Saturday, December 1, 2012

The Second Christmas

The pumpkins, which have all gone squishy, have been tossed into the garden-recycling bin. The cranberry sauce is gone, and the last of the turkey sandwiches, soup, and stir-fry has been eaten. Now, with the first day of Advent, we're easing ourselves into the Christmas season.

Last year, Christmas was a melancholy blur. It probably is for most families when they've lost a family member, particularly in that first year after their passing. For a long time there didn't seem to be any credible reason why plants should bother coming up, or any point to setting goals. Only the mechanics of day-to-day life and the push of responsibilities forced me to keep on any sort of track.

This summer, though, the resident teenager tentatively asked (treading carefully so as not to appear immune to my feelings) if Christmas this year could be a little bit more like it was in the past. And, of course, it will be. It is her time to enjoy the traditions we've relished for half a century and to renew them for us, as well.

Most of those traditions are the ones that take place in our home. The external ones seem to come and go. In some cases, the event itself disappears (for example, the wonderful Ballard North Pole, a beautifully decorated house we visited every year until the creators retired and moved to central Washington; the nerve!).

In others, the event goes on, but I go alone. Although the resident teen was delighted to receive a little paper Advent calendar--cheerfully reliving childhood by opening the door to peek at what was inside--she wasn't particularly psyched to tramp through the rain and go to see the reindeer and the camels visiting the local nursery for the Christmas season. For some strange reason this attraction doesn't have the same pull on a teen as it does on a three-year-old. Nor does strolling through a Merrie Olde Craft Faire or riding on a Santa Train.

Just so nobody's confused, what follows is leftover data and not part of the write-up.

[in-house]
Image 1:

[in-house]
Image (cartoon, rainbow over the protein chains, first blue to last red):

OK, I don't go ride on the Santa Train by myself. I do have limits.

Last year the season of lights was dim for us. This year spirits are a bit brighter. We'll pull out the Advent house and hide a treat in each drawer. The tree will go up, bearing ornaments new and old, many with a story to tell. The manger scene, the old toys, the Christmas village will all be in place. Stockings will be hung by the chimney with care.

There will be memories (and though I am grateful for them, they can also skewer me with pangs of despair and bitterness; I think perhaps that only those who can see the Thestrals completely understand that even beautiful memories of missing loved ones are not soft, woolly blankets that muffle all pain).

Despite ourselves, we will all  be laughing; the lights will twinkle, the candles will flicker.

In one of the stars I shall be living. In one of them I shall be laughing. And so it will be as if all the stars were laughing, when you look at the sky at night . . . And when your sorrow is comforted (time soothes all sorrows) you will be content that you have known me. 

--Antoine de Saint-Exupéry, "The Little Prince"


  1. My first Christmas without my Mom. So fresh. I catch myself on the verge of tears in the midst of a perfectly happy moment. Six years since Dean, and just last night I sat sobbing watching "Friends," remembering all the countless, timeless moments of completeness that I felt with him. I will always miss him.

    "I think perhaps that only those who can see the Thestrals completely understand that even beautiful memories of missing loved ones are not soft, woolly blankets that muffle all pain."


    1. Penny, all these past months your sharings about your mom sure resonated with me. In so many ways. Partly in regard to my beloved Dad, and partly in regard to now helping out my mom so much. The "firsts" are definitely the worst...after that, I don't know, maybe one just keeps on learning what 'bittersweet' means. Wishing you peace, love, and strength.

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